Covid-19: Johnson ‘deeply sorry’ as UK passes 100,000 deaths
CMO says recent surge in infections due to variant could not have been predicted
A projection commemorating the lives lost to Covid-19 in the UK is displayed on BMA House in London, England. Photograph: Hollie Adams/Getty Images
Boris Johnson has said he is “deeply sorry” for more than 100,000 lives lost to coronavirus in Britain but insisted that his government had done everything possible to minimise deaths from the virus.
The prime minister was speaking in Downing Street hours after official figures recorded 100,162 coronavirus deaths since the pandemic began, making Britain the first country in Europe to suffer a death toll above 100,000.
“We did everything that we could to minimise suffering and minimise loss of life in this country as a result of the pandemic. And I’m deeply sorry for every, every, every life lost,” he said.
Mr Johnson has faced criticism throughout the pandemic for acting too late in imposing restrictions and ignoring expert advice in favour of earlier lockdowns. But chief medical officer Chris Whitty said a recent surge in infections was caused by the arrival of the new, more transmissible variant of the virus which could not have been predicted when restrictions remained lax during the autumn.
“The question about when to actually do particular measures has always been a matter of trying to balance. I’ve said this repeatedly throughout this tragic pandemic, balance the things which actually reduce the risk of transmission with all the other things we’re trying to do in terms of society,” he said.
Labour leader Keir Starmer described the loss of more than 100,000 people to coronavirus as a national tragedy, adding that Britain must learn the lessons of what went wrong.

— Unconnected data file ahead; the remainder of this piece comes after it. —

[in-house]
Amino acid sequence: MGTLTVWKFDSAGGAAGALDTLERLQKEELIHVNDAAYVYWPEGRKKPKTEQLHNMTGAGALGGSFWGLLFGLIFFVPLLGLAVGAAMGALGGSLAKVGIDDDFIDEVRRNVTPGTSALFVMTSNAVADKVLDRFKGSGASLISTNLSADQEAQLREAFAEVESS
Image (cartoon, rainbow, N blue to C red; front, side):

“We must never become numb to these numbers or treat them as just statistics. Every death is a loved one, a friend, a neighbour, a partner or a colleague. It is an empty chair at the dinner table. To all those that are mourning, we must promise to learn the lessons of what went wrong and build a more resilient country. That day will come and we will get there together,” he said.
Prof Whitty defended Britain’s decision to allow a gap of up to 12 weeks between the first and second doses of both the Pfizer/BioNTech and the Oxford/AstraZeneca vaccines. But he did not address doubts raised by German newspaper reports over evidence of the efficacy of the Oxford/AstraZeneca vaccine in over 65s.
Britain has vaccinated millions of older people with the Oxford/AstraZeneca vaccine but Emer Cooke, head of the European Medicines Agency (EMA), suggested on Tuesday that limited data from clinical trials could lead the agency to authorise the vaccine for use only in younger cohorts.
AstraZeneca’s warning that it will supply 60 per cent fewer doses to the EU has prompted the European Commission to oblige vaccine manufacturers to seek permission before exporting doses to non-EU countries. Britain’s doses of the Pfizer/BioNTech vaccine are produced in Belgium but Mr Johnson said he had total confidence in the supply of vaccines.
“Obviously we expect and hope that our EU friends will honour all contracts,” he said.
“We continue to work with friends and partners in the EU, and indeed around the world, because the delivery of the vaccine has been a multinational effort, the creation of the vaccine has been a multinational effort, and the delivery of the vaccine is multinational as well, because the virus knows no borders.”